Nanostructures Encapsulating Antimalarial Drugs for Improved Systemic Lupus Erythematosus Treatment
Systemic lupus erythematosus (SLE) causes damaging inflammation in multiple organs via the accumulation of immune complexes. These complexes activate plasmacytoid DCs (pDCs) via TLR7 and TLR9, contributing to disease pathogenesis by driving secretion of inflammatory type I IFNs. Antimalarial drugs, such as chloroquine (CQ), are TLR antagonists used to alleviate inflammation in SLE. However, they require ~3 months of continuous use before achieving therapeutic efficacy and can accumulate in the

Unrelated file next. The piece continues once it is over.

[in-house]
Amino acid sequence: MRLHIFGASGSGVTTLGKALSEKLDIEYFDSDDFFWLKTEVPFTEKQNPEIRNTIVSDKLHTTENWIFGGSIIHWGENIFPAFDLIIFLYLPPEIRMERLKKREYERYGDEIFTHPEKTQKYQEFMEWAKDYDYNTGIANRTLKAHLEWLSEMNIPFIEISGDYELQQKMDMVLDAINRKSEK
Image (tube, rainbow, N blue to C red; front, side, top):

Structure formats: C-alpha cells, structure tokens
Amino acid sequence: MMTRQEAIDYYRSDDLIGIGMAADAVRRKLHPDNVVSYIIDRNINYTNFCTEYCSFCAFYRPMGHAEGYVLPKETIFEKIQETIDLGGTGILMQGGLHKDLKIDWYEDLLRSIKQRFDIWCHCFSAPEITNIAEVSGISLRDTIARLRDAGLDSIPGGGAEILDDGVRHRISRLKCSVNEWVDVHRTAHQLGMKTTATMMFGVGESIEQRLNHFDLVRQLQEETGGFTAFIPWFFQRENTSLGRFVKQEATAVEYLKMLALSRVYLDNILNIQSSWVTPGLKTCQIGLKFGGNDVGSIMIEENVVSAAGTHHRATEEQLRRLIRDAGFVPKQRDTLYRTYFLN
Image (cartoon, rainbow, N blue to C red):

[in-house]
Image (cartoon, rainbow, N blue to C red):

... etinal pigment epithelium with chronic use resulting in retinopathy. We hypothesized that poly(ethylene glycol)-b-poly(propylene sulfide) (PEG-b-PPS) filamentous nanocarriers, filomicelles (FMs) could improve drug activity and reduce toxicity by directly delivering CQ to pDCs via passive, morphology-based targeting. Healthy human PBMCs were treated with soluble CQ or CQ-loaded FMs, stimulated with TLR agonists or SLE patient sera, and type I IFN secretion was quantified via multi-subtype IFN-? ELISA and MX1 gene expression using real-time RT-qPCR. Our results showed that 50 µg CQ/mg FM decreased MX1 expression and IFN-? production after TLR activation with either synthetic nucleic acid agonists or immune complex rich sera from SLE patients. Cellular uptake and biodistribution studies showed that FMs preferentially accumulate in human pDCs in vitro and in tissues frequently damaged in SLE patients (i.e., liver and kidneys) while sparing the eye in vivo. These results showed that nanocarrier morphology enables drug delivery, and CQ-FMs may be equally effective and more targeted than soluble CQ at inhibiting SLE-relevant pathways.